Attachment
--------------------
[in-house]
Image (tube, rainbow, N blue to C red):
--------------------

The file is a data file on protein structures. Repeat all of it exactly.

[in-house]
Image (tube, rainbow, N blue to C red):